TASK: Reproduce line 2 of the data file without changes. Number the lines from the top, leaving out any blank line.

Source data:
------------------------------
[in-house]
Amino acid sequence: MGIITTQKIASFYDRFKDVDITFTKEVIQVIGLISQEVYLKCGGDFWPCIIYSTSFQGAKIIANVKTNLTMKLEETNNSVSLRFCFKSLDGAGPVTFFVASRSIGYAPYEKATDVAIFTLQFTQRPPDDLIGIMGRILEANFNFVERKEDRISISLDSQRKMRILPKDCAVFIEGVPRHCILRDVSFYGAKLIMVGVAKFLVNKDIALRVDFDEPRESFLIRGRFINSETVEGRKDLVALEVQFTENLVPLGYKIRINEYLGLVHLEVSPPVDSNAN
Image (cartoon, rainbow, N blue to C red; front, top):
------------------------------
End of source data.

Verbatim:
Amino acid sequence: MGIITTQKIASFYDRFKDVDITFTKEVIQVIGLISQEVYLKCGGDFWPCIIYSTSFQGAKIIANVKTNLTMKLEETNNSVSLRFCFKSLDGAGPVTFFVASRSIGYAPYEKATDVAIFTLQFTQRPPDDLIGIMGRILEANFNFVERKEDRISISLDSQRKMRILPKDCAVFIEGVPRHCILRDVSFYGAKLIMVGVAKFLVNKDIALRVDFDEPRESFLIRGRFINSETVEGRKDLVALEVQFTENLVPLGYKIRINEYLGLVHLEVSPPVDSNAN